Neanderthals may have vanished from southern Spain thousands of years earlier than previously thought, a carbon-dating study argues this week in Proceedings of the National Academy of Sciences. The archaic humans known as Homo neanderthalensis lived throughout Europe more than 50,000 years ago in the Middle Palaeolithic Age, before going extinct around the time when modern humans reached Europe from Africa. Many archaeologists propose that the last Neanderthals lived in the Iberian Peninsula: for instance, Gorham’s Cave in Gibraltar contains Neanderthal remains, and charcoal from fires there has been carbon-dated to less than 30,000 years ago (...)

· Radiocarbon dating casts doubt on the late chronology of the Middle to Upper Palaeolithic transition in southern Iberia, di R. E. Wood et alii, "Proceedings of the National Academy of Sciences - Early Edition", February 4, 2013

Prehistoric land use and hydrology: a multi-scalar spatial analysis in central Arizona, di M. L. Wienhold, Journal of Archaeological Science, Volume 40, Issue 2, February 2013, Pages 850–859

Human land-use strategies involving the management of rainfall and runoff to promote crop production are found throughout the world. This paper presents a functional assessment using hydrological modeling with modern high-resolution LiDAR datasets and contextual archaeological site data to study prehistoric agriculture. The focus is on rock alignments created by the Hohokam culture in the semi-arid environment of the US Southwest. By incorporating a multi-scalar GIS study for terrain analysis at a regional, community, and site scale, the complex interactions between the prehistoric sites, features and the environment are revealed. The results of these analyses on digital elevation models (DEMs) gave insight to the past functionality of such agricultural features within the cultivated landscapes. The results included: 1) The agricultural features were suitably placed for the collection of rainfall and runoff. 2) The features were reducing the volume of water flowing through the area to prevent flooding and crop destruction and promoting soil infiltration. This shows the complexity and innovation of prehistoric societies living in marginal environments and how their adaptation to such environments was necessary to sustain their populations.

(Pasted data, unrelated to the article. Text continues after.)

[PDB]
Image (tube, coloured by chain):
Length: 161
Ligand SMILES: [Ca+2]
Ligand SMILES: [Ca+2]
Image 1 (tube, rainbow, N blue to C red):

Thermoluminescence dates for the Middle Palaeolithic site of Chez-Pinaud Jonzac (France), di D. Richter, J. J. Hublin, J. Jaubert, S. P. McPherron, M. Soressi, J. P. Texier, "Journal of Archaeological Science", Volume 40, Issue 2, February 2013, Pages 1176–1185

Thermoluminescence dating of heated flint artefacts from the Middle Palaeolithic sequence of Chez-Pinaud Jonzac (France) places an assemblage of Quina type Mousterian into MIS 4, while the overlying assemblage of Denticulate Mousterian which is followed by two layers with Mousterian of Acheulean Tradition are all assigned to MIS 3. TL dating is used to verify the mixed nature of deposits from which diagnostic Middle as well as Upper Palaeolithic tools were recovered. The TL ages are significantly different for samples from this layer and broadly agree with the archaeological attributions. While the study is generally limited by the low number of heated samples available, a correlation with a generalized chronostratigraphic sequence is possible by including proxy data from the faunal remains associated with the lithic assemblages in question. The Quina Mousterian in southwestern France, therefore, can be placed by chronometric dating methods in MIS 4 to MIS 3.